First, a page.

Some Turkish mills seem hopeful that US will remove Section 232 duties against Turkey following the elections, while others are not expecting much of a change in US trade policies following the presidential election, no matter the result.
The relations between Turkey and the US showed ups and downs during President Donald Trump’s presidency. Trump raised tariffs on imports of Turkish steel from 25% to 50% in August 2018 under Section 232 law, amid increased political tension between the countries over Turkey’s detention of a US religious leader. Turkey’s tariff rate on steel was later dropped back to 25% in May 2019, amid some improvement in relations between the countries.
Trump even threatened to destroy Turkey’s economy during the pastor Brunson crisis, but after the crisis was resolved, the presidents of the both countries began to call each other as friends.
However, a win by democratic presidential nominee Joe Biden could also raise tensions between Turkey and US again as long as Recep Tayyip Erdogan remains as president, as Biden previously said he will work with the opposition leaders in Turkey for a government change, which drew both the ruling and the opposition parties’ reactions in Turkey.
Independently from the election results, some Turkish steel producers seem hopeful for the removal of the Section 232 duties against the country after the elections.
“As Turkey and [the] US are strategic partners, [the] US should lift the Section 232 tariffs on Turkey after the elections, independently [of] who will win, to reach the goal of $100 billion in trade between the countries,” Veysel Yayan, general secretary of the Turkish Steel Producers’ Association, told S&P Global Platts, noting the goal previously set by Erdogan and Trump. “I am hopeful that after the elections the new president (Trump or Biden) will take a step in this regard.”
“If Biden will win, I don’t think that his previous statements about Turkish president Recep Tayyip Erdogan will be a determinant factor for the relations between the countries, as Turkey and US are strategic partners for years and good economic and political relations will be in favor of both countries,” he added. “Turkish steel is well known in US with its high quality. However, in the absence of Turkish steel, Vietnam became one of US top steel supplier. To remove Section 232 against Turkey, like some other countries, will be also beneficial for the steel consuming sectors of the US.”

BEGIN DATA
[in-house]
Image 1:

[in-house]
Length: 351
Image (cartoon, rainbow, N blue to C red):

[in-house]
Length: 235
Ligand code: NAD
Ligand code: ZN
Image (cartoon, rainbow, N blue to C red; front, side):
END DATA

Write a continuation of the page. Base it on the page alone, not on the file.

Ugur Dalbeler, CEO of major Turkish steelmaker Colakoglu, who is also the vice president of Turkish Steel Exporters’ Union (CIB), however was not as optimistic.
“I am not expecting a much change in US policies after the elections,” he told Platts. “Actually, Liberals (Democrats) have a more protectionist approach than Republicans. However, due to his character Trump made some moves (Section 232) that others couldn’t temp to.”
Even under a Biden administration, the new US government may prefer to maintain these duties for a while, as countries have adopted a more protectionist attitude in recent years, due to the pandemic, he noted.
“So, independently of the election results, I am expecting this environment to continue for a while,” Dalbeler said.
The US share in Turkey’s overall steel exports was at 15% in 2016, however, this share fell to as low as 3% due to the Section 232 duty in 2019, according to Turkish Steel Exporters’ Union (CIB) data. Turkish mills were exporting 2.4 million mt of steel to the US in 2016, but this figure declined by 85% to just 350,00 mt in 2019, representing a loss of $850 million.
— Cenk Can